Quality Assurance Program . Inter-assay coefficient of variation for lopinavir and ritonavir were less than 11%. Lower limit of quantitation for lopinavir and ritonavir were 0.04 and 0.025 mcg/mL, respectively.
Plasma HIV-1 RNA levels were measured with the Roche Amplicor HIV-1 Monitor (Version 1.5; lower limit of quantification detection <50 copies/mL). HIV serostatus was collected retrospectively in the newborn infants.
Pharmacokinetic and statistical analysis
PK parameters were estimated for lopinavir and ritonavir using standard non-compartmental analysis. An abbreviated area under the plasma concentration versus time curve (AUC) from 0 to 6 hours post-dose was calculated using the linear trapezoidal rule. Dose normalized AUC was calculated using reference doses of LPV/r: 400/100 mg BID and as (observed AUC)*(reference)/(specific subject’s dose) for the one woman who was not on the reference dose. The percentage of women exceeding the target lopinavir AUC of ≥52 mcg*hr/mL was assessed in a post-hoc analysis . Concentrations below the lower limit of quantitation were assigned a value of half that limit. The minimum concentration (Cmin) was calculated as the concentration obtained at the pre-dose sample time and the maximum concentration (Cmax) was calculated as the maximum concentration observed over the 0-6 hours of sampling. If the previous dose was taken >16 hours prior to the observed dose, data from that PK visit were excluded. Within- subject mean change in PK-parameter (AUC, Cmin, Cmax) from antepartum to postpartum was assessed on the natural log(ln)-scale with a paired t-test.
Eleven women enrolled between October 2003 and December 2004. Data from one woman were excluded because her last previous dose was taken >16 hours before the observed dose at her only PK visit (third trimester). The remaining 10 women contributed data to at least one of the PK parameters (AUC, Cmin or Cmax). Women were enrolled at six AIDS Clinical Trials Units.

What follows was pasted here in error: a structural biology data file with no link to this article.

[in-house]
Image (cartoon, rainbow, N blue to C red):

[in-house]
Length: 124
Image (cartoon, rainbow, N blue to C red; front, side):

Demographics for the 10 women at entry to the parent study were median (minimum, maximum) age 29 (19, 39) years; 5 Black non-Hispanic and 3 Hispanic; median weight 93.8 kg (69.5, 147.6); median CD4 400 cells/mm3 (36, 658); and median HIV RNA log10 2.2 copies/mL (1.7, 4.6). Although women were scheduled to have three PK visits (36 weeks gestation and 6 and 24 weeks postpartum), only two of ten women had three evaluable PK visits. Four had an evaluable third trimester and 6-week postpartum visit, but no 24 week visit. Two had only the third trimester visit and two had only the 6 week postpartum visit (1 woman at each time point contributed only Cmin data). Visits were missed due to withdrawal of consent (3 visits), illness (1 visit), unable to come to clinic (3 visits), early delivery (1 visit), work schedule (1 visit), changing family situation (1 visit), move out of the area (1 visit), and discontinued ARVs (1 visit).
All women remained on the same nucleoside analogue component of their ARV regimen for their PK visits (zidovudine/ lamivudine (4), abacavir/zidovudine/lamivudine (2), tenofovir- containing regimen (3), and zidovudine/didanosine (1)).
Figures 1a and 1b present mean lopinavir (1a) and ritonavir (1b) concentrations over the sampling time points and summarize
the comparison of antepartum and week 6 postpartum PK parameters. Estimated lopinavir geometric mean (GM) AUC0-6h (95% confidence interval (CI)) was 26.5 (17.0, 41.4) mcg*hr/mL for 7 women at 36 weeks gestation and 41.9 (26.1, 67.5) mcg*hr/mL for 7 women at 6 weeks postpartum. None of the 7 women with week 36 gestation PK data had a lopinavir AUC of ≥52 mcg*hr/mL. In post-hoc analysis only two women had a lopinavir AUC of ≥52 mcg*hr/mL at a postpartum PK visit (53.15 and 98.40), both at week 6 postpartum). For the 6 women with lopinavir PK data at both time points, the within-subject estimated geometric mean ratio (GMR) week 6 postpartum/week 36 gestation was 0.60 (95% CI 0.25, 1.43), a 40% lower average AUC during pregnancy that was not statistically significantly different from 1 (p=0.19) (Figure 1a). Insufficient data were available to compare third trimester to week 24 postpartum lopinavir concentrations.
For ritonavir, data from the six women with both antepartum and week 6 postpartum PK data indicated 36 weeks gestation values were significantly lower on average, with an estimated GM of 0.99 (0.58,1.68) compared to 2.5 (1.4,4.6) mcg*hr/mL at 6 weeks postpartum, resulting in a 64% lower AUC during pregnancy (within-subject GMR (95% CI) of 0.36 (0.14, 0.92), p=0.04) (Figure 1b). Peak concentrations (Cmax) for ritonavir were reduced significantly at 36 weeks gestation compared to postpartum values (Figure 1b). Insufficient data were available to compare third trimester to week 24 postpartum ritonavir concentrations.